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November 17, 2015

Sequencing a Vinyasa Class: Words of Wisdom.

Sequencing a vinyasa class is a complicated matter.

Every tradition, every school has taught this in their own way. Thousands of creative moves are all over Instagram and Youtube. But how does a creatively sequenced yoga class differ from a great dance class?

I used to look everywhere, from Youtube to online classes to books to my friends’ classes. Self study (svadhyaya) is an integral part of being a yoga student. But when hours of research start to become a source of anxiety, confusion and fear, it is no longer a form of self-study but rather a mixture of self torture and self doubt stirred in a crazy eight that serves benefit to no one, including us as yoga teachers.

So here are a few points in no particular order from my personal mistakes and what I learned from my teachers:

  1. It is not choreography. I used to sequence each pose only because it was convenient. It seemed to flow right. I was letting my heart take over. And by all means, if you are having your own personal practice, dance your heart out and let your prana soar. But when you are teaching a class, you are responsible for leading your students. All things must be considered because of the fact that yoga practice affects our nervous, circulatory, respiratory, digestive and endocrine systems. It’s not just a matter of what looks beautiful.
  2. Make sure what you learned is digested. When you learn something new, it doesn’t mean you should teach it that evening. If you can’t cue it smoothly, it could be potentially dangerous. If the cueing doesn’t come out naturally for you, it has not been digested yet. Sit with it and practice, which brings me to the next point.
  3. Is it worth it? Even if you sit with it, practice it over and over, some sequences are just not worth teaching especially when it is overly complicated and does not leave students with a sense of grounding and confidence. As the song says, you gotta know when to fold’em and know when to walk away.
  4. No brainer: keep it safe and know the modifications. Even if your cool sequences kick a**, make sure it is actually safe for all students. Some students can certainly do the sequence no problem, but at cost. Perhaps they’re over-straining their neck, or hyperextending their elbows. Maybe their shoulders are in danger because their muscles are too fatigued. If you really want to teach the special sequence, know all modifications for each pose.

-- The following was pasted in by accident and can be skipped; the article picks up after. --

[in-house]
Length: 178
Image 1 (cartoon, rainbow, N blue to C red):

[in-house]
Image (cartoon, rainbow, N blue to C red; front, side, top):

5. Do not believe in a simple counter pose idea. Good teacher trainers will teach you what it actually means by counter poses. It doesn’t mean you should go from urdhva dhanurasana straight to pascimottanasana. Extreme opposites do not go together. When in doubt, always bring the spine back to neutral or add a gentle twist in between opposite poses. It’s kinder for the body.
  6. Anatomy is a living organism. No matter how much you study, you should always update your knowledge of anatomy and with it, your cueing too. Anatomy is science. Actually, yoga is science and it keeps evolving. Maybe what you learned about sequencing certain poses no longer applies to your classes. Keep your wisdom up to date.

There are more. At the end of the day, as my teacher said, the only thing we have to offer is our own experiences. Nothing beats more than your regular personal practice. Humbly offer what you learned and you can be sure you’d be of great benefit to your students.

 

Relephant Read:

5 Great Songs to Boost Your Vinyasa Yoga Flow.

 

Author: Tomomi Kojima

Editor: Catherine Monkman

Photo: Instagram

 

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yeatstyt Nov 18, 2015 8:54am

Well Said!!!!

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Tomomi Kojima

Tomomi Kojima is a yoga teacher and an avid elephant reader and a writer based in Bali, Indonesia. She is the owner of Nirvana Integrative Yoga School and Traveling Yoga Rebel.com. As a collaborator of the first Freediving school in Bali, Apneista, she spends much of her time on land practicing yoga, freediving or scuba diving in the ocean with her little family.

Follow her on her website and on Facebook.